The ACE rule and, in particular, its interpretation of the EPA’s limited authority, was challenged in court. In a decision issued last year, the U.S. Circuit Court of Appeals for the District of Columbia Circuit (DC Circuit) decided that the ACE rule must be voided because the entire rule was based on “the erroneous legal premise that the statutory text expressly foreclosed consideration of measures other than those that apply at and to the individual source.” While the DC Circuit voided the ACE rule, it did not revive the Obama-era Clean Power Plan, so, in fact, there is currently no EPA rule that applies to ghg emissions from power plants.

 

The Court Could Duck the Whole Question

The Biden administration, supported by a number of briefs filed by non-parties, referred to as amicus briefs, argues that the court should simply dismiss the case as improvidently granted and not even address the merits of the case. This is based on the fact that the DC Circuit’s decision did not adversely impact any of the petitioners appealing that decision because it did not reimpose the Clean Power Plan. Because the DC Circuit decision just returned the world to how it existed before the Clean Power Plan or the ACE rule were ever adopted, there was no possible harm to those appealing. Normally this argument would have appeal to conservative justices on the court because the typical expectation is that conservative justices do not believe the court should reach out and decide cases unless there is real harm to the party appealing.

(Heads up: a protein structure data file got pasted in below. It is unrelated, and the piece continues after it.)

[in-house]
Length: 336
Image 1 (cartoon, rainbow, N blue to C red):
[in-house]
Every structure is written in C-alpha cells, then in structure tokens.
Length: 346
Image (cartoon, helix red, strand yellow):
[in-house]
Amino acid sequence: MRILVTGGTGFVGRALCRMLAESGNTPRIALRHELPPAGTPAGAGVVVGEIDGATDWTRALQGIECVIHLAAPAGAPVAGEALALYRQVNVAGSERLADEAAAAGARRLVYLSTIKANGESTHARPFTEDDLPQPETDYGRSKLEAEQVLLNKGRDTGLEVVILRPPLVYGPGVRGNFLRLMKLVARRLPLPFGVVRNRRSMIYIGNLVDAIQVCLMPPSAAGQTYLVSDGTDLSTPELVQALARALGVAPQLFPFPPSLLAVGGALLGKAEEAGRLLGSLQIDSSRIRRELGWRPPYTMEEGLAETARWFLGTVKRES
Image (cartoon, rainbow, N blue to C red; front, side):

As we noted in our discussion of the PennEast case that went to the Supreme Court, PennEast, FERC, the Courts and the Congress, energy cases often are a conundrum because the conservative members of the court would often seem disposed to rule against the energy companies on procedural grounds, but for them on the substantive grounds, and it is just the opposite for the liberal justices. This case is no different.

From a procedural perspective, it would be traditional to assume that the conservatives would be against deciding a case like this one. In fact, that was just the reasoning used in Chief Justice Roberts’s dissent in the 2007 case that first established that the EPA had authority to regulate greenhouse gas emissions. As stated by Chief Justice Roberts and agreed to by current Justices Thomas and Alito, “the Constitution limits the federal judicial power to the adjudication of ‘Cases’ and ‘Controversies.’ ‘If a dispute is not a proper case or controversy, the courts have no business deciding it, or expounding the law in the course of doing so.’”

However, the composition of the Supreme Court has changed substantially since that 2007 decision. The only member of the slim five-member majority in that case that remains on the court is Justice Breyer, who just announced he is retiring at the end of this term. But three of the dissenters, Chief Justice Roberts and Justices Alito and Thomas, remain and they have been joined by Justices Gorsuch, Kavanaugh and Coney Barrett. While Chief Justice Roberts’s dissent in that case questioned whether the court should have even heard the case, a dissent filed by Justice Scalia and joined by the other three conservative justices, also questioned the substantive decision.

So once again the conservatives may find themselves not wanting to hear this case for procedural reasons, but wanting to address the merits. It is certainly possible that the Chief Justice will side with the three liberal members of the court and vote to dismiss the case, but that would still allow it to go forward.